IT and tech industry groups applaud passage of semiconductor CHIPS Act
A bipartisan bill intended to boost domestic semiconductor manufacturing and help the U.S. compete with China in the development of cutting edge technologies has passed the House and Senate and will soon become law.
The legislation, known as “CHIPS and Science Act,” passed 243-187 in the House Thursday, and includes approximately $52 billion in government subsidies for U.S. semiconductor production. It also includes $24 billion in investment tax credits for chip plants and other funding to spur innovation and research of other key U.S. technologies.
The IT industry and those that rely on it are expected to benefit significantly from the bill thanks to the increased investments and future growth.
“By investing in the domestic semiconductor ecosystem, the measure will create jobs, boost manufacturing, and spur new businesses in communities around the country, ensuring that the benefits are broadly shared across the United States,” said Jason Oxman, Information Technology Industry Council’s (ITI) President and CEO.
“Our industry will continue to partner with the U.S. government and communities across the country as the measure is implemented,” Oxman added in a press release.
Alliance for Digital Innovation Executive Director Ross Nodurft said: “ADI supports the passage of the bill. ADI is very supportive of the NIST reauthorization portion of the legislation.” He added: “It authorizes the resources that NIST needs to develop standards and guidance that agencies will need to adopt new and modern technologies like cloud and quantum computing, digital identity, cybersecurity and artificial intelligence.”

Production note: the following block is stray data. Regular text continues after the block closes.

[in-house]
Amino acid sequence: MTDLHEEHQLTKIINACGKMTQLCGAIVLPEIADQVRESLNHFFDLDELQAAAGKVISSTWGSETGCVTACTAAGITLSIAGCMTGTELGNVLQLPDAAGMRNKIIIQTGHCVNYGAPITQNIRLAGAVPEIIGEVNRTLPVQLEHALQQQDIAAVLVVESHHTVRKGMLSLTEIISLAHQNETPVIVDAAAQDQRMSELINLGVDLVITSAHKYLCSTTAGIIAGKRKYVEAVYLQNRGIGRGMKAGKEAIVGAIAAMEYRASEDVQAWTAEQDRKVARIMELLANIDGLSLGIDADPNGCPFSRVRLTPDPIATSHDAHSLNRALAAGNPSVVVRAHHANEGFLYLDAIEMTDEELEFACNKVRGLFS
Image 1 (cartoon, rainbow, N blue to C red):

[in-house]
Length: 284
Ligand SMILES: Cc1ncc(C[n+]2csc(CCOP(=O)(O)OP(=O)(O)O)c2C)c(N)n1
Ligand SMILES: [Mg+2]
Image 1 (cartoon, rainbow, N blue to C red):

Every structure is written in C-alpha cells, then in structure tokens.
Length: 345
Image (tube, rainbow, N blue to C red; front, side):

The bill authorizes a total of $9 billion in funding for the National Institute of Standards and Technology to conduct research and to develop standards for an array of future industries and technologies.
The bill, which President Joe Biden is expected to sign into law later this week, could significantly affect the federal government’s IT components supply chain along with domestic manufacturing supply chain security that is monitored by the National Institute of Standards and Technology (NIST).
IT giants and major federal government contractors like IBM are anticipating using funds from the legislation to boost growth in the sector from semiconductors.
“Our company along with many others is ready to get to work to make sure this investment accelerates U.S. leadership in semiconductor innovation and manufacturing and benefits as many Americans as possible, as soon as possible,” Arvind Krishna, IBM Chairman and CEO said in a statement.
Semiconductors, which are essential and expensive components of modern-day technology ranging from cell phones to sophisticated military systems, have seen an explosion in demand in the past decade. Supply chain issues resulting from the pandemic have contributed to a global shortage of the component.